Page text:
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Tyre industry in a nutshell

The global value of tyre sales was nearly USD 190 billion in 2012, slightly less than in 2011. On average the market has grown 7% per year. The strongest growth is registered in winter tyres, high-speed summer tyres and SUV tyres. The Nordic countries’ model, in which winter tyres are required by law, has lately been adopted in several other regions as well.

Consumer sales of passenger car tyres are mainly affected by new car sales rates, purchasing power development and the general level of consumer confidence. With winter tyres weather is also a factor: the more wintery and slippery the conditions, the bigger the demand for new winter tyres. In addition, the tyre manufacturer’s sell-in to distributors is also influenced by the distributors’ stock levels and the market prices of financing.

Heavy tyres’ and truck tyres’ demand follow the cycles and trends of machine manufacture and companies’ general willingness to invest.

Season management in a key role

Heavy season fluctuation in passenger car tyre sales is a specific feature in Nokian Tyres’ core markets. Most consumers buy their summer tyres during a few weeks around Easter. Winter tyre consumer sales take place from September to November, depending on the winter, and some 30% of winter tyres are sold in the ten days after the first snowfall. Seasonity poses big challenges to production and delivery capacity, underlining the key part played by an extensive distribution network and efficient logistics and IT systems.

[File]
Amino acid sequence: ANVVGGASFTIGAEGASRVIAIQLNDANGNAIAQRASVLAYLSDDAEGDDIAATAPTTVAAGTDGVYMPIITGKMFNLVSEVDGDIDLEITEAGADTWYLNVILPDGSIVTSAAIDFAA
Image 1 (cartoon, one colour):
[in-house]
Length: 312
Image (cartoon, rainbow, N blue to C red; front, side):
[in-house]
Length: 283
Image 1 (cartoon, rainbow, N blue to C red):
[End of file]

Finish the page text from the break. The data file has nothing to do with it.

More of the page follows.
Tyre manufacturers strive to offer the distribution chain advance deliveries with long terms of payment in order to ensure optimal availability from the very beginning of the season; during the peak season, the main focus is on supplement deliveries. The challenge lies in predicting sales and production needs several months ahead, given the fact that a typical tyre manufacturer’s product range comprises of more than one thousand different tyre model and size combinations.

Distributors usually represent several tyre brands. Distributors’ product policies, along with regional coverage, play an essential role in tyre manufacturers’ success, because it is another specific feature of the industry that retail sales people can strongly influence the end user’s tyre choice. This is why some tyre manufacturers – like Nokian Tyres – develop also their own distribution chains.

Pricing power and productivity drive profitability

The fixed costs of tyre manufacturing are high, and therefore it is essential to fully utilize the entire production capacity and to minimize production shutdowns in order to ensure profitability. The continuous growth of productivity through investments and process development is also a key success factor. Salary and energy costs vary between countries, but raw material prices are relatively equal all around the world.

In the tyre industry, the local market leader is usually also the price leader. Pricing power is supported by a strong brand, good reputation, reliable distribution and success in impartial tests arranged by car-industry media.